Sleeping Giant in the Arctic



Huge amounts of carbon are contained in sediments, soils and vegetation in the Arctic. Rising temperatures in the Arctic threaten to cause much of this carbon to be released to the atmosphere.

On May 23, 2015, temperatures in Alaska were as high as 91°F (32.78°C), as illustrated by the image below.

[ image credit: US National Weather Service Alaska ]
High temperatures were reached at the city of Eagle, located on the southern bank of the Yukon River, at an elevation of 853 ft (260 m). High temperatures at such a location will cause meltwater, aggravating the situation well beyond the local area.
A bank of permafrost thaws near the Kolyma
River in Siberia. Credit: University of Georgia

Carbon contained in soils will thus become increasingly exposed under the combined impact of rising temperatures and the associated growing amounts of meltwater. The meltwater can additionally cause erosion further downstream, thus making carbon at many locations become more prone to be consumed by microbes and released into the atmosphere in the form of carbon dioxide and methane.

A recent study found that, at a location where the Kolyma river in Siberia carved into the permafrost and exposed the carbon, microbes converted 60% of the carbon into carbon dioxide in two weeks time.

Gary Houser, who recently launched the movie Sleeping Giant in the Arctic, elaborates on the threat of emissions from thawing permafrost:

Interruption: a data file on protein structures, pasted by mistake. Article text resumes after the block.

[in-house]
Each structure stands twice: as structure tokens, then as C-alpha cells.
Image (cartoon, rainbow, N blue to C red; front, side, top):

This immense release would likely feed on itself, raising temperatures that continue melting more and more permafrost in a vicious, frightening, and unstoppable cycle. A tipping point could well be crossed, at which time human intervention is no longer possible. Temperatures across the planet could soar, setting in motion catastrophic levels of drought and food shortage. All life support systems on earth and life forms themselves could be placed under severe stress.

The colossal scale of the danger - and the observation of those factors lining up that could trigger it - demand that humanity exercise the precautionary principle. All political decision-making related to carbon emissions must be based on the understanding that a catastrophic consequence is looming, and the window of time for prevention quickly diminishing.
SLEEPING GIANT IN THE ARCTIC:
Can Thawing Permafrost Cause Runaway Global Heating?
by Gary Houser



Sources: 

US National Weather Service Alaska

University of Georgia

Sleeping Giant in the Arctic


Sleeping Giant in the Arctic http://arctic-news.blogspot.com/2015/05/sleeping-giant-in-the-arctic.html

Posted by Sam Carana on Monday, May 25, 2015

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